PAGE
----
Elder / Summer / Autumn / Edible
Elder and Elder flowers are one of the most well-known wild flavours in the UK and they can be found in abundance throughout the hedgerows.
All green parts except the buds, flowers and fruit of this plant are considered poisons and should be avoided.
Could be Confused With
Ground elder, grows to a maximum of 1.5m high and among a huge array of differences does not have bark and is not a tree.
Rowan, the main difference is rowan leaves are heavily serrated.
Range and Distribution
Temperate to tropical regions of Europe, UK, Western Asia, North and Central America and Northern Africa.
Enjoys moist and dry soils, is almost always found in a sunny spot, this tree can be found in hedgerows, woodlands, garden edges, farmers’ fields, walkways, playing fields and commonly by canals.
Elder Foraging Video
Elder is a deciduous shrub or small tree, growing up to 6m tall and the same wide.
The bark of this tree is a light brown-grey and can be found cracking with a yellowing revealed in between cracks.
The light green and lightly serrated leaves, spear shaped, 5-12cms long and 3-5cms wide, grow in opposing pairs, arranged along a pinnate with five to seven pairs.
The flowers 5-6mm in diameter each have five petals and are borne in large, flat umbrellas which are 10-25cms in diameter.
The fruit grows similarly to the flowers in large collections, they are almost perfectly round, glossy dark purple and measure 5-6mm in diameter, they cause the branches they hang on to droop when they are ripe.
Leaves: Herbal use as a strong anti-viral (can cause nausea and vomiting)
Immature flower buds: Pickling, Lacto fermenting
Flowers: Cordial, Sparkling Wine, Tempura, Tea, Ointments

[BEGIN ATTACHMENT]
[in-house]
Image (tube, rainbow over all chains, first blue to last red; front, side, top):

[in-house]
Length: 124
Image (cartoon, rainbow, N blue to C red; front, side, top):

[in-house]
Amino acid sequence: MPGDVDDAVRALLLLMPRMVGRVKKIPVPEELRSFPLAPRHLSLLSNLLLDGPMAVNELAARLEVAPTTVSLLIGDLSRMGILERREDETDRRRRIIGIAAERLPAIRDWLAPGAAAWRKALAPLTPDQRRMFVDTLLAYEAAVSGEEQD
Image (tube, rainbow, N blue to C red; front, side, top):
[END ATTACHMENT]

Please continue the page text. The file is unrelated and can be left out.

Fruit: Best heated, Wine, Syrups, Juice, Fruit Leather, Cordial, Beers, Ketchup, Chutney, Jam, Frozen in Desserts
How to use the flowers
It’s best to pick elderflowers on a sunny day, when the sun is high in the sky and the scent of the blooms are at their best.
Now, parts of the elder are toxic and contain cyanide so it’s advised not to eat too many of them raw and to avoid the small spindly stems on which you find the flowers. Before we head out to harvest our flowers, it’s worth noting the elder tree is shrouded in myth and magic. It’s believed to be protected by the elder mother, so I always ask permission to pick from this bewitched tree. These blossoms are surprisingly versatile and I have no doubt these recipes below will inspire you in the kitchen.
A classic recipe is of course, elderflower cordial. There are many ways to make this scrumptious beverage and it pairs exceptionally with lemonade, gin, and prosecco. Cheers!
On the subject of drinks, it’s a tradition in my household to make a batch of elderflower champagne or sparkling wine every year. It’s become a true celebration of summer and is one of my all-time favourite foraged tipples.
I am very fond of eating flowers and elderflowers are no exception. A special dessert that has gone down a storm at many a dinner party are elderflower fritters. To elevate this tempting pudding even further you could serve is alongside elderflower cheesecake or ice
Surprisingly, elderflower isn’t just for our sweet tooth and if you are craving something a little more savoury, why not try our elderflower, pea and asparagus risotto.
The flowers are still used by herbalists now to aid inflammation within the respiratory system, including asthma, coughs and hay fever.
The berries are commonly used and stored within syrups, jams, wines and juices to give a boost of vitamins and minerals throughout the winter months, helping to ward of the common winter ailments.
If you cut a branch from this tree the inside or pith can be pushed out fairly easily, using a tent peg or other hard piece of wood, this hollow wood can now be used for loads of things. Making jewelry, beads, pennies, snakes, whistles and even blow darts